NCERT history textbooks
Ever since the present government has come to power with its agenda of subverting the secular basis of our Constitution, it has conducted a campaign against the NCERT textbooks in History. It needs to be recalled that the RSS was also in the forefront of a campaign during the Janata Party regime of 1977-79 against these very textbooks, but then public opinion was strong enough to thwart it. The Sangh Parivar has now sought to do away with these textbooks by professing to restructure the entire syllabus, in which not only would the content of History be reduced, but such ‘History’ as remains would be used to promote approved ‘religious values’ and to present facts in such a fashion as to inculcate ‘pride in the nation’, that is, in the India of their narrow imagination. It suits them immensely when any attack is launched on the existing NCERT textbooks for reasons howsoever unreasonable and baseless.
For quite some time, the Sangh Parivar’s new appointees in the NCERT have been proclaiming that the textbooks had insulted the religious sentiments of Hindus, Jains and Sikhs. It is in the line of that propaganda that all of a sudden an agitation has been built up against Professor Satish Chandra’s textbook Medieval India, which was published by the NCERT in 1978, and has, therefore, been used in schools all over India for the last twenty-two years. Is it credible that for all these years Sikh teachers and students should have felt no feeling of hurt while reading it, and yet now suddenly the same text is being condemned for the insult it supposedly offers to the Sikhs?
In fact, any non-partisan reader will find that there is no reason for such a sense of outrage. As to the two statements objected to, the first about Guru Tegh Bahadur’s alleged alliance with Hafiz Adam is clearly attributed by Professor Chandra to ‘some Persian accounts’. He does not state that this is necessarily true. Professor Satish Chandra goes on to describe what the Sikh tradition has to say. He refers here to the existence of some ‘intrigues against the Guru by some members of his family’. There is not the slightest reason to be affronted by this statement either, for this has long been affirmed in Sikh sources themselves.
Professor J.S. Grewal, eminent Sikh historian, has given the following account of how Guru Tegh Bahadur was opposed by certain members of his family:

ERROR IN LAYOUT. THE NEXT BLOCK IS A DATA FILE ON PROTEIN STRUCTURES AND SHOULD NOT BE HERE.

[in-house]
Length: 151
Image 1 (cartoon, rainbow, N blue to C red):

‘Tegh Bahadur … started his career as the eighth successor of Guru Nanak at Bakala. However, the opposition of his nephew Dhir Mal, at Kartarpur across the river Beas, and from his other nephew Harji, at Ramdaspur, obliged him to leave the Bari Doab, and to Kiratpur. There too he was not a welcome guest for his brother Suraj Mal. During the very first year of his pontificate, therefore, Guru Tegh Bahadur had to look for a new centre. He chose a place called Makhowal, only a few miles from Kiratpur but in the territory of the chief of Kahlur (Bilaspur). By accepting his nomination as the Guru, Tegh Bahadur gave an affront to Aurangzeb, who had presumed to arbitrate in the matter of succession. Had Guru Tegh Bahadur stayed on in Makhowal, Aurangzeb might have ignored the affront.’ (J.S. Grewal, The Sikhs of the Punjab, Cambridge, 1990, pp 69-70)
In the Sikh tradition, it is indeed distinctly stated that the Guru’s nephew Dhir Mal had ‘determined to ruin him’ and that he ‘had instigated Ram Rai (the son of Guru Har Rai at Delhi) to complain again to the emperor regarding his supersession’ (Max Arthur Macauliffe, The Sikh Religion, Oxford, 1909, Vol. IV, p 338).
There is therefore nothing that Professor Satish Chandra has said on his own. Clearly, conscientious historians are obliged to give different contemporary versions of particular events if such exist. Professor Chandra has not said anything which should hurt the sensibilities of anyone.
It can, on the other hand, be seen that the agitation against Professor Satish Chandra’s books begun by certain Congressmen has enabled the HRD Minister Murli Manohar Joshi to put into effect what he had always wanted – the subjection of History textbooks to the censorship of ‘religious leaders’. Such a position is reprehensible for a country committed to secular values, and cannot be accepted by any historian or social scientist worth the name.